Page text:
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Margaret Wente

A plum pox on all the leaders' houses Add to ...

Canada is a special place. All around the world, people are protesting, even dying, for the right to hold elections. In Canada, all we do is have elections. We must be the only country in the world that has way more elections than people want.

"What do we need this for?" says one girlfriend, who dislikes Stephen Harper but no more than she did the last election. "What a stupid waste of time." That pretty well sums up the view of everyone I know. "There's nothing rational about this on any level," says another person, who works with government and business. The $300-million price tag of this election is just the start, she points out. All legislation, policy-making and decision-making will grind to a halt for the duration.

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Even Bob Rae isn't sounding all that keen about going to the polls. Maybe that's because he's read the polls. Michael Ignatieff's positive ratings are running well behind Stéphane Dion's. (Er, who?) An Angus Reid poll this month put his approval rating at just 14 per cent. In other words, the Liberals are diving into a swimming pool with only three feet of water.

Why? Maybe there's a diehard group of Liberals who still believe that they're the natural governing party, and that sooner or later Canadians will come to their senses and re-elect them. Or maybe they figure that Mr. Ignatieff is so hopeless that the quicker he loses, the better.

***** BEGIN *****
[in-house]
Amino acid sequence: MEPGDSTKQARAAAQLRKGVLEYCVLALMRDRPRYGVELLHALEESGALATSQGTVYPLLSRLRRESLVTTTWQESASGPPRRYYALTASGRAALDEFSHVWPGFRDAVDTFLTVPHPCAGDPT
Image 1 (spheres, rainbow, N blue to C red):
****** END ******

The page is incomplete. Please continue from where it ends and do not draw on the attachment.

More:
Or maybe, as Paul Wells speculated in Maclean's, they're simply tired of the humiliation. After a year of retooling, road testing and workshopping, their leader is the best he can be. They're desperate to get him before the voters - despite the fact he remains deeply unpopular.

Honestly, I'm feeling sorry for Mr. Ignatieff. He's a decent man without a platform. The problem with the Conservative budget is that it's way too liberal. It does nothing to address runaway spending or health care. Instead, it sprinkles tiny handfuls of fairy dust on every interest group in sight, as well as many you never knew existed. There's fairy dust for volunteer firefighters, parents of budding artists, impoverished seniors, hog health, double-glazed windows, the Calgary stampede, the Grey Cup and fruit farmers fighting plum pox. This isn't a serious document.

As for scandal-mongering, Mr. Ignatieff will have to come up with something better than what he has. What he has is a bit of procedural abuse, one dopey minister and an old fool who got mixed up with a 22-year-old former escort. What he doesn't have is a widespread pattern of abuse of power. His outrage sounds a little overdone - especially against the backdrop of current world events. Shouldn't we be debating, say, the future of nuclear power in Canada, or the wisdom of getting entangled in a distant military action whose command structure and objectives are entirely unclear?

Sadly, no. For now, we'll have to settle for foolish old men and former escorts. As for the matter of whether Stephen Harper poses a grave threat to democracy, my girlfriends think probably not.

For a while on Tuesday - about five minutes - I thought Jack Layton might actually save the day. But no such luck. He would have lost too much face. And that, in short, is why we're having an election. It's not about the issues at all. It's about self-delusion, game-playing, humiliation and face-saving. The politicians have a bad case of omphaloskepsis. It's all about them.

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